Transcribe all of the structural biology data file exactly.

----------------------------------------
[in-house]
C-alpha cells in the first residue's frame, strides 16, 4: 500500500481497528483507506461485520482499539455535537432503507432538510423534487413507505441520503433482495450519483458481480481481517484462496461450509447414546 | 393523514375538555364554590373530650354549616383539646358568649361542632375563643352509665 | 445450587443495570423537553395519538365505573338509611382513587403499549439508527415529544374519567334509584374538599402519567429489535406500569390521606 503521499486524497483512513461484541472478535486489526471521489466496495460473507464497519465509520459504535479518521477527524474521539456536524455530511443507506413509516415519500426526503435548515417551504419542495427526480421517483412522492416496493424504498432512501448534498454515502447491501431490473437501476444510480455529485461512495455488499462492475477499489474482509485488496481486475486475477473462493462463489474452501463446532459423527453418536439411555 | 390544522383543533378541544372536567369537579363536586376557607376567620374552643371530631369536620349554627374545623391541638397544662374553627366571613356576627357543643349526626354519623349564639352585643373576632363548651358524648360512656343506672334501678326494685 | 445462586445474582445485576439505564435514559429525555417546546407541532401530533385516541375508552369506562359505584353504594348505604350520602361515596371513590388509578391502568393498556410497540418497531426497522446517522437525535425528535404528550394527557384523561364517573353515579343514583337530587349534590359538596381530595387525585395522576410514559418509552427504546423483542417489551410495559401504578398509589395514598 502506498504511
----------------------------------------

[in-house]
C-alpha cells in the first residue's frame, strides 16, 4: 500500500481497528483507506461485520482499539455535537432503507432538510423534487413507505441520503433482495450519483458481480481481517484462496461450509447414546 | 393523514375538555364554590373530650354549616383539646358568649361542632375563643352509665 | 445450587443495570423537553395519538365505573338509611382513587403499549439508527415529544374519567334509584374538599402519567429489535406500569390521606 503521499486524497483512513461484541472478535486489526471521489466496495460473507464497519465509520459504535479518521477527524474521539456536524455530511443507506413509516415519500426526503435548515417551504419542495427526480421517483412522492416496493424504498432512501448534498454515502447491501431490473437501476444510480455529485461512495455488499462492475477499489474482509485488496481486475486475477473462493462463489474452501463446532459423527453418536439411555 | 390544522383543533378541544372536567369537579363536586376557607376567620374552643371530631369536620349554627374545623391541638397544662374553627366571613356576627357543643349526626354519623349564639352585643373576632363548651358524648360512656343506672334501678326494685 | 445462586445474582445485576439505564435514559429525555417546546407541532401530533385516541375508552369506562359505584353504594348505604350520602361515596371513590388509578391502568393498556410497540418497531426497522446517522437525535425528535404528550394527557384523561364517573353515579343514583337530587349534590359538596381530595387525585395522576410514559418509552427504546423483542417489551410495559401504578398509589395514598 502506498504511